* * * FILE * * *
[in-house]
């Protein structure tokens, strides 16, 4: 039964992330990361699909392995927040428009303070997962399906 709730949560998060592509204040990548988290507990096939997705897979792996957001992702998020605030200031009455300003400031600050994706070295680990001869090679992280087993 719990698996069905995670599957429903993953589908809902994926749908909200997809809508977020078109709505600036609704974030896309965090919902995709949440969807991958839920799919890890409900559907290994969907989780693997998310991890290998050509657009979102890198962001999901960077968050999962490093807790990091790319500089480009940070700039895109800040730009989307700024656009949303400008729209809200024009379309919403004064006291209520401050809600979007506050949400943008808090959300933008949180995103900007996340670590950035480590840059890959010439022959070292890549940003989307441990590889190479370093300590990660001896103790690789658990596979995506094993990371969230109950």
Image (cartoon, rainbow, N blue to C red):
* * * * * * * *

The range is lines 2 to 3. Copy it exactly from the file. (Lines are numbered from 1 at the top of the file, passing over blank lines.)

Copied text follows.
């Protein structure tokens, strides 16, 4: 039964992330990361699909392995927040428009303070997962399906 709730949560998060592509204040990548988290507990096939997705897979792996957001992702998020605030200031009455300003400031600050994706070295680990001869090679992280087993 719990698996069905995670599957429903993953589908809902994926749908909200997809809508977020078109709505600036609704974030896309965090919902995709949440969807991958839920799919890890409900559907290994969907989780693997998310991890290998050509657009979102890198962001999901960077968050999962490093807790990091790319500089480009940070700039895109800040730009989307700024656009949303400008729209809200024009379309919403004064006291209520401050809600979007506050949400943008808090959300933008949180995103900007996340670590950035480590840059890959010439022959070292890549940003989307441990590889190479370093300590990660001896103790690789658990596979995506094993990371969230109950």
Image (cartoon, rainbow, N blue to C red):